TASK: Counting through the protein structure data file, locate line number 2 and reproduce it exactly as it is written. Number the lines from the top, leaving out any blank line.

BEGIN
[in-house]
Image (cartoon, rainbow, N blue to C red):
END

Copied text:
Image (cartoon, rainbow, N blue to C red):